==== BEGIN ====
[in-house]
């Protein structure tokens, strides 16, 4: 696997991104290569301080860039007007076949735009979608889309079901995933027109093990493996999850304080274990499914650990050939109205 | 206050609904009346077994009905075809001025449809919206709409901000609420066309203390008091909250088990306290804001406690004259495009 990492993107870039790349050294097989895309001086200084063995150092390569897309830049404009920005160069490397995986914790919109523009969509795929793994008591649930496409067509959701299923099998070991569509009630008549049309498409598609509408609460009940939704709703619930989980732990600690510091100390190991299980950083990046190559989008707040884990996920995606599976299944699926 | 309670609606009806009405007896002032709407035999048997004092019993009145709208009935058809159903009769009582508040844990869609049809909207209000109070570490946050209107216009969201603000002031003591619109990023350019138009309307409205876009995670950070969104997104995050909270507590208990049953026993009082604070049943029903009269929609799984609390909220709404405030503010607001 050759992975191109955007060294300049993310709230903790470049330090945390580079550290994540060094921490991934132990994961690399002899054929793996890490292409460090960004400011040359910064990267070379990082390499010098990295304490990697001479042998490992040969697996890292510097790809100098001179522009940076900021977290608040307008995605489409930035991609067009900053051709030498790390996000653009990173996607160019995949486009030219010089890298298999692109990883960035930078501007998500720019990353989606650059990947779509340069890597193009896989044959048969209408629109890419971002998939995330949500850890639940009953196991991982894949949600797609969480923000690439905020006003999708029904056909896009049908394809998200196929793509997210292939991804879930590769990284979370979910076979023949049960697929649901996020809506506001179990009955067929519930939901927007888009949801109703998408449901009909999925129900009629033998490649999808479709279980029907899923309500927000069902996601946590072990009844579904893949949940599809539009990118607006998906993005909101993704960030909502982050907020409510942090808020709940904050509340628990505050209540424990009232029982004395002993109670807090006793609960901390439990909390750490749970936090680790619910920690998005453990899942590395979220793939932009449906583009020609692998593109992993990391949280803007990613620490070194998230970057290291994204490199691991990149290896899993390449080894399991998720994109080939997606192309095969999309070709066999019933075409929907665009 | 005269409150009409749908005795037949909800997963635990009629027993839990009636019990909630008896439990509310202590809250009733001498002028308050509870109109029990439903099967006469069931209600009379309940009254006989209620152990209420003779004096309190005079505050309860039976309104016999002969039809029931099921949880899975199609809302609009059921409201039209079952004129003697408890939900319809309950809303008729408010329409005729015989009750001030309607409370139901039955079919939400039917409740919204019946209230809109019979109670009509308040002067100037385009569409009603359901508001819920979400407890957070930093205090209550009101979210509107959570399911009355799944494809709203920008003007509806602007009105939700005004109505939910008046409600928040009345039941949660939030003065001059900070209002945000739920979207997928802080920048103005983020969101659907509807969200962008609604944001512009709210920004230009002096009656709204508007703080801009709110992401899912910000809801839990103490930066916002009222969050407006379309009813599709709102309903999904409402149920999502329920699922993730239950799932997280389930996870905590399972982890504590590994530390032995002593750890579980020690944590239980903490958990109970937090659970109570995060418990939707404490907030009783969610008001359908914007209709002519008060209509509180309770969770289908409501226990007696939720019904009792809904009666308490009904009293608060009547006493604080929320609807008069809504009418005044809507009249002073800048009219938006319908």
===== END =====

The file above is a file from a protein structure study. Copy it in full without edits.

[in-house]
């Protein structure tokens, strides 16, 4: 696997991104290569301080860039007007076949735009979608889309079901995933027109093990493996999850304080274990499914650990050939109205 | 206050609904009346077994009905075809001025449809919206709409901000609420066309203390008091909250088990306290804001406690004259495009 990492993107870039790349050294097989895309001086200084063995150092390569897309830049404009920005160069490397995986914790919109523009969509795929793994008591649930496409067509959701299923099998070991569509009630008549049309498409598609509408609460009940939704709703619930989980732990600690510091100390190991299980950083990046190559989008707040884990996920995606599976299944699926 | 309670609606009806009405007896002032709407035999048997004092019993009145709208009935058809159903009769009582508040844990869609049809909207209000109070570490946050209107216009969201603000002031003591619109990023350019138009309307409205876009995670950070969104997104995050909270507590208990049953026993009082604070049943029903009269929609799984609390909220709404405030503010607001 050759992975191109955007060294300049993310709230903790470049330090945390580079550290994540060094921490991934132990994961690399002899054929793996890490292409460090960004400011040359910064990267070379990082390499010098990295304490990697001479042998490992040969697996890292510097790809100098001179522009940076900021977290608040307008995605489409930035991609067009900053051709030498790390996000653009990173996607160019995949486009030219010089890298298999692109990883960035930078501007998500720019990353989606650059990947779509340069890597193009896989044959048969209408629109890419971002998939995330949500850890639940009953196991991982894949949600797609969480923000690439905020006003999708029904056909896009049908394809998200196929793509997210292939991804879930590769990284979370979910076979023949049960697929649901996020809506506001179990009955067929519930939901927007888009949801109703998408449901009909999925129900009629033998490649999808479709279980029907899923309500927000069902996601946590072990009844579904893949949940599809539009990118607006998906993005909101993704960030909502982050907020409510942090808020709940904050509340628990505050209540424990009232029982004395002993109670807090006793609960901390439990909390750490749970936090680790619910920690998005453990899942590395979220793939932009449906583009020609692998593109992993990391949280803007990613620490070194998230970057290291994204490199691991990149290896899993390449080894399991998720994109080939997606192309095969999309070709066999019933075409929907665009 | 005269409150009409749908005795037949909800997963635990009629027993839990009636019990909630008896439990509310202590809250009733001498002028308050509870109109029990439903099967006469069931209600009379309940009254006989209620152990209420003779004096309190005079505050309860039976309104016999002969039809029931099921949880899975199609809302609009059921409201039209079952004129003697408890939900319809309950809303008729408010329409005729015989009750001030309607409370139901039955079919939400039917409740919204019946209230809109019979109670009509308040002067100037385009569409009603359901508001819920979400407890957070930093205090209550009101979210509107959570399911009355799944494809709203920008003007509806602007009105939700005004109505939910008046409600928040009345039941949660939030003065001059900070209002945000739920979207997928802080920048103005983020969101659907509807969200962008609604944001512009709210920004230009002096009656709204508007703080801009709110992401899912910000809801839990103490930066916002009222969050407006379309009813599709709102309903999904409402149920999502329920699922993730239950799932997280389930996870905590399972982890504590590994530390032995002593750890579980020690944590239980903490958990109970937090659970109570995060418990939707404490907030009783969610008001359908914007209709002519008060209509509180309770969770289908409501226990007696939720019904009792809904009666308490009904009293608060009547006493604080929320609807008069809504009418005044809507009249002073800048009219938006319908």